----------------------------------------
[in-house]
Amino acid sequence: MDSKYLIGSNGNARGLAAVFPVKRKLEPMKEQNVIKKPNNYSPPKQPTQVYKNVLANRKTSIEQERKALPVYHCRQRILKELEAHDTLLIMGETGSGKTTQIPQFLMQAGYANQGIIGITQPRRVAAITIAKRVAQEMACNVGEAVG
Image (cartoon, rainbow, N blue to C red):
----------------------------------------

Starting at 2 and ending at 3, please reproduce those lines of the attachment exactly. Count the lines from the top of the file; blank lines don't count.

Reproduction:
Amino acid sequence: MDSKYLIGSNGNARGLAAVFPVKRKLEPMKEQNVIKKPNNYSPPKQPTQVYKNVLANRKTSIEQERKALPVYHCRQRILKELEAHDTLLIMGETGSGKTTQIPQFLMQAGYANQGIIGITQPRRVAAITIAKRVAQEMACNVGEAVG
Image (cartoon, rainbow, N blue to C red):